Frontrunner - 5th March 2021



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  • Wheat prices slip

World wheat markets have slipped this week. A lack of fresh bullish features has led to spells of profit taking from speculative buyers who still carry significant long positions in grain futures markets. US weekly wheat export shipments and sales were particularly disappointing. However, the weekly export pace from the EU was far more encouraging. Wheat shipments for last week were one million tonnes, taking the total now shipped to over 17.5 million tonnes.

Analysts estimate the EU, including the UK, will ship just over 26 million tonnes. This will leave end June stocks extremely tight at around ten million tonnes. Last season from the beginning of March to the end of June, the EU shipped over 13 million tonnes during a period when there were no Russian export taxes and therefore stronger competition. However, this week, the world's major importers, Egypt, Algeria and Saudi Arabia, have again been absent from the market, leading to concerns for export demand for the remainder of the season and adding to market weakness. Remaining old crop supplies may be tight but carry a $40-50/t price premium to new crop. Perhaps importers will target cheaper new crop supplies if they have sufficient stocks to wait until they are available.

  • Black Sea exporters upbeat on 2021 crop prospects

Despite spells of extreme cold weather this winter, officials from both Russia and Ukraine have expressed confidence for 2021 wheat production prospects. According to the Hydrometeorological Research Center of Russian Federation, the Russian winter has been relatively mild, allowing winter drilled crop condition to improve. In early December, dry soils left 22% of winter crops in a poor condition. This was the highest volume of poor condition crops recorded for seven years. However, at this point in the season, it is reported that only 7-9% are in bad condition. It's rare to see any improvement in crop condition over the winter so this is reassuring for Russian growers but, nevertheless, only 4% of crops were in poor condition at this time last year.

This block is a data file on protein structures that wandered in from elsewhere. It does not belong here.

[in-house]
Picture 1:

Meanwhile, a Ukrainian government official said favourable winter weather could present a record grain crop in 2021. Wheat production could rise to 30 million tonnes, which compares to only 25.5 million tonnes in the 2020 harvest. This season wheat exports could rise to 22 million tonnes compared to 17.5 million tonnes in 2020, leaving it unnecessary to apply any form of export restriction.

  • Australia downbeat

This season, Australia produced a record wheat crop following three devastating drought years. The Australian Bureau of Agricultural and Resource Economics and Sciences (ABARES) puts the crop at 33.3 million tonnes, which will allow exports to jump from nine million tonnes last season to 21 million tonnes this season. Coupled with world wheat prices at a seven-year high, this provides a major boost for Australian farm incomes. However, ABARES is already signalling problems ahead for 2021-22. A return of dry weather will see a cut in the wheat area drilled and suffering yields, resulting in a crop of 25 million tonnes. Wheat available for export is predicted to fall to 16.5 million tonnes. 


  • New export activity limited

The latest estimate from the Agriculture and Horticulture Development Board (AHDB) of overall UK feed barley usage sits at around 5.3 million tonnes, which will be close to a record in recent years but still leaves the UK with an exportable surplus to clear.

  • 13% reduction in barley usage by maltsters and distillers